Dovetailing is a joiner’s device whereby two pieces of wood can be slotted together without recourse to nails or pegs. It is a technique of the cabinetmaker most frequently employed as a means of interlocking angles on carcasses and drawers.
The earliest method was the common or through dovetail. It was strong but had the disadvantage of showing the end grain on both sides of the angle. Consequently it was not satisfactory for holding a veneer.
Shortly before 1700 this method was replaced by the lap or stop dovetail which had the end grain on one side only, leaving the front clear for veneering.
In the 18th century, dovetailing became something of a fine art and the units were made so accurately that glue was unnecessary.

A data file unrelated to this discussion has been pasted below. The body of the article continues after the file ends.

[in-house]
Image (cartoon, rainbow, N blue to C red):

“Cabochon” comes from the French word “caboche” a hobnail. It is also a round or oval convex polished stone.
In furniture, it is a carved ornament found from the middle of the 18th century to the present and was so named because of its resemblance to the polished rounded shape of an uncut gem.
Its concave or convex shape is used as a carved enrichment on furniture. It is usually oval and surrounded by scrolled leaf ornament carvings. It is found particularly on the jutting knees of cabriole table and chair legs.
It was particularly popular on 18th century tables and chairs, but is also found on Rococo furniture and decorations.